True, but even the express trains would require shaving 35 minutes off a 2 hour 35 minute trip. Where are they going to get it?
There is no need to. Improvements on that part of the corridor are not urgent with only a few tunnel and bridge exceptions. And once those projects are completed, that 35 minutes will be brought down in no time.

That would be great. I think having proof of concept somewhere in the United States is key. Once it works somewhere, word will spread and other parts of the country will want to have it too. Right now the only people exposed to true HSR are people who have taken trains in Asia or Europe. That is a small percentage of the American population.
This might be an unpopular opinion, but I don't think this is necessarily true for a few reasons.
Firstly, If there were good conventional rail service in the US, more people would take trains. True HSR isn't the only way to improve our trains... There are myriad other important factors that are figured into great rail service like frequency, OTP, and service/cleanliness that matter just as much as speed.

Second, the Acela is actually comparable to many "HSR" routes in Europe.
The Frecciarossa (considered by many as the best rail service in Europe) Milan-Venice route has close to identical distance and trip times to Acela NYP-WAS. Moreover, the NEC has roughly (though slightly less than) similar frequency too, so really the only thing to improve upon is shaving time off here and there, and improving OTP and service. And when the new Acela's arrive, half hour frequency will be possible, which will really make it comparable.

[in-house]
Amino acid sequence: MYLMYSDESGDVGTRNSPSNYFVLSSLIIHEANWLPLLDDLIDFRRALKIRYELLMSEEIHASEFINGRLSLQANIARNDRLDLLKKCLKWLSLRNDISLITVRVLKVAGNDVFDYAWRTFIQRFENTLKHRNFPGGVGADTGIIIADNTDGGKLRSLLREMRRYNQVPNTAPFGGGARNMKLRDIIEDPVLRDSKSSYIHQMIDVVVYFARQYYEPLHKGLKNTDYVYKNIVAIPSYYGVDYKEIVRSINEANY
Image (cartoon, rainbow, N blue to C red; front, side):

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Another thing they need to do on the NEC is improve connections with commuter rail, thus increasing the pool of potential riders who can ride from local stops instead of having to drive into a central station. There are extensive commuter rail systems on most of the larger NEC cities, but the trains don't run frequently enough to make them an attractive alternative. The other thing they need to do is develop some kind of joint ticketing with Amtrak, so one can switch trains without having to fool around with unfamiliar fare apps/farecards or whatever. I don't think increasing commuter rail frequencies will happen any time soon, at least not until we get an idea of what post-Covid traffic is going to look like.
 

jis

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Isn't NJ working on a project to allow 160 MPH between Trenton and New Brunswick?
Whatever was going to be done with the $450 Million that Amtrak got for this, is pretty much done. About two thirds of what was planned, if that, was done before they ran out of money. About half the length between CP County (NJT Jersey Avenue) to CP Fair (Trenton) may see speeds upto 160mph.

NJ had no involvement in this. It was an entirely Amtrak project.
 
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Whatever was going to be done with the $450 Million that Amtrak got for this, is pretty much done. About two thirds of what was planned, if that, was done before they ran out of money. About half the length between CP County (NJT Jersey Avenue) to CP Fair (Trenton) may see speeds upto 160mph.

NJ had no involvement in this. It was an entirely Amtrak project.
I didn't realize this was done. The last Acela trip I took on that part only saw up to 135. I'm guessing this was for a different reason?
 

jis

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I didn't realize this was done. The last Acela trip I took on that part only saw up to 135. I'm guessing this was for a different reason?
Speed limit apparently won't be raised for Acelas. They will go into effect with the Avelias. The necessary work to make that possible is done. The higher speed limits are only on tracks 2 and 3. Speed limit on tracks 1 and 4 will be raised from 110mph to 125mph too.